A combination of strong arguments and lobbying has allowed Wanganui retain its government roading subsidy at the current level for the next three years.



NZ Transport Agency (NZTA) had earlier indicated the subsidy would drop from 62 per cent to 50 per cent but the agency has reversed that.



Retaining the subsidy at current levels means an extra $1million in funding for the district's roading network.



Wanganui is one of only four authorities to hang on to the highest level of government subsidy.

Advertisement



Councillor Allan Anderson, the Wanganui District Council's representative on the Horizons regional land transport committee, termed the retention of the subsidy as a coup for the district.



"We have to acknowledge the role our senior officers played in achieving this. It's been a very complex issue but the officers and their teams did a great job," Mr Anderson said.



"The message had been that the subsidy was going to drop from 62 per cent to 50 per cent and that would have had a significant impact on our roading programme."



He said while the subsidy would not mean every roading job would get done in the next three years "without it, some things would never have got done".



Wanganui Mayor Annette Main said NZTA's announcement was "positive news" because it meant the council could continue with its local roading programme at a 62 per cent subsidy rate.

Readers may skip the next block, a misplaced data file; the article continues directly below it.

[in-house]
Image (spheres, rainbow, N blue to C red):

The funding assistance rate (FAR) applies to maintenance, operation and renewal of local roads and follows a review of that rate for all local authorities as part of the 2012-15 National Land Transport Programme. As part of that three-yearly review, NZTA had reduced the subsidy to nearly 30 local authorities for 2012-15.



Ms Main said it was reassuring to know the council would be able to continue with its planned roading programmes at the existing subsidy level.



The level of funding is based on the the size of the local authority's approved roading maintenance and renewals programme as well as the net equalised land value for the authority, which indicates the finances available to the authority through its rates.

Advertisement